How historically accurate is the movie Elizabeth to the real time period?

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amy-lepore eNotes educator| Certified Educator

There are several discrepancies in the film to what really happened in the Renaissance time period.  First, there is the issue of the ages of many of the key players.  Sir William Cecil was not quite so ancient when Elizabeth took the throne as they portray him.  In fact, he was only in his 30's, and she never retired him...he was a trusted advisor for 40 years.  On the other hand, Kat Ashley was much older in reality than they portray her in the film.  She actually acted as Elizabeth's governess from the time that Elizabeth was only four, and remained a friend/mother figure until her death in 1565.

Elizabeth did indeed know that Robert Dudley was married to Amy Robsart, and she attended the wedding.  There is also a hint or two that she knew in advance of Amy's mysterious death and the method of it (falling down a flight of stairs and breaking her neck).  She might not have been aware of his second marriage to Lettice Devereux.  For several years she did consider marrying him, but it was not in her best political interest as he was not the popular choice in England and did not offer her the benefit of foreign alliance.  Whatever the case, there was scandal surrounding the Queen's and Dudley's relationship although they were close friends and remained so until his death.  It is unlikely that he was involved in any plot against her.

Read Alison Weir's book The Life of Elizabeth I.

linda-allen eNotes educator| Certified Educator

I guess I ran out of space in my last post. Here's what else I was trying to say:

England was still climbing out of the Middle Ages during the reign of Henry VIII. So the English Renaissance didn't really begin until around the end of Elizabeth's reign (1558-1603). Shakespeare's first play was staged in the 1590s.

As for the portrayal of Elizabeth, except for when she tells Dudley that there's "one mistress and no master," I don't see much Elizabeth I in the movie. The movie Eliz. is indecisive unsure of herself. The real Eliz. was born a princess. She had the best education. She had people to open doors for her, dress her, even take punishment instead of her (there is a story that Katherine of Aragon didn't know how to turn a doorknob!). She was Henry VIII's daughter. I think she would have known how to rule.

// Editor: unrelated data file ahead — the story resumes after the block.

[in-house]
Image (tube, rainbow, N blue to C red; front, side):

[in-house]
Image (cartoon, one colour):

The movie also makes it appear that Eliz. never married because she couldn't decide who to marry. Think about it. Her own mother was beheaded for not bearing a son, and she had four stepmothers by the time she was 14. She couldn't have had a good impression of marriage. Besides, before her sister Mary, England had never had a ruling queen. Even Mary went through a marriage with the king of Spain to secure her place on the throne. Elizabeth knew that whoever she married would eventually become king and take the power from her. She would not have anyone rule her!!

linda-allen eNotes educator| Certified Educator

Many scholars will disagree with me, but I will give good reasons for saying that you are not learning about the Renaissance when you study the Elizabethan Era.

The Renaissance began in Italy around the end of the 14th century and then spread to the rest of Europe. There was a "flowering of culture as the art, literature, and philosophy of the Greco-Roman world were rediscovered." Think of the great artists and writers, like Michelangelo, Leonardo da Vinci, and Dante.

It came very late to England, mainly because the nobility (who were the patrons of art and artists) were too busy fighting each other to see who would be king.

linda-allen eNotes educator| Certified Educator

I watched the new movie last night. Loved the costumes. Loved the sets. Hated the history. Where was Essex???? Why did Elizabeth hold Raleigh's baby at the end? She put him in prison for marrying Elizabeth Throckmorton, and their baby died as an infant. And what's with Philip and his daughter?

Anybody care to wager whether there'll be a third movie focusing on Elizabeth and Essex?

linda-allen eNotes educator| Certified Educator

While looking for info on another question, I came across this web site, which addresses the historical accuracy of this movie: